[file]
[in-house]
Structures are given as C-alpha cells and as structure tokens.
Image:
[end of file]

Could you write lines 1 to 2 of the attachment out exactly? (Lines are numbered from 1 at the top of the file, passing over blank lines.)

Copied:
[in-house]
Structures are given as C-alpha cells and as structure tokens.